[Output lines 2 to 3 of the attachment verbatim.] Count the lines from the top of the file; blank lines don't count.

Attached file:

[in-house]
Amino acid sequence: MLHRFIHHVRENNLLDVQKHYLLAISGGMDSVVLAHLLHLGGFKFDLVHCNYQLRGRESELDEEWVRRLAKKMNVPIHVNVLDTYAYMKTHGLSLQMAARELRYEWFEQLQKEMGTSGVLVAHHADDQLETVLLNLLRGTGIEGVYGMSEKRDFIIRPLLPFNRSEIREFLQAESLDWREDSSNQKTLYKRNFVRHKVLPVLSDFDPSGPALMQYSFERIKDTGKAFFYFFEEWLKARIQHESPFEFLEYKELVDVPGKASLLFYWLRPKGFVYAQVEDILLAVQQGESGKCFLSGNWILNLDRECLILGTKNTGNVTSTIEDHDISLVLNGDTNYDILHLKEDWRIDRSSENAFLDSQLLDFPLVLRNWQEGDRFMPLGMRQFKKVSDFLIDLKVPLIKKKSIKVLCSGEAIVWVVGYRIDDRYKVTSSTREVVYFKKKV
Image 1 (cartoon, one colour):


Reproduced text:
Amino acid sequence: MLHRFIHHVRENNLLDVQKHYLLAISGGMDSVVLAHLLHLGGFKFDLVHCNYQLRGRESELDEEWVRRLAKKMNVPIHVNVLDTYAYMKTHGLSLQMAARELRYEWFEQLQKEMGTSGVLVAHHADDQLETVLLNLLRGTGIEGVYGMSEKRDFIIRPLLPFNRSEIREFLQAESLDWREDSSNQKTLYKRNFVRHKVLPVLSDFDPSGPALMQYSFERIKDTGKAFFYFFEEWLKARIQHESPFEFLEYKELVDVPGKASLLFYWLRPKGFVYAQVEDILLAVQQGESGKCFLSGNWILNLDRECLILGTKNTGNVTSTIEDHDISLVLNGDTNYDILHLKEDWRIDRSSENAFLDSQLLDFPLVLRNWQEGDRFMPLGMRQFKKVSDFLIDLKVPLIKKKSIKVLCSGEAIVWVVGYRIDDRYKVTSSTREVVYFKKKV
Image 1 (cartoon, one colour):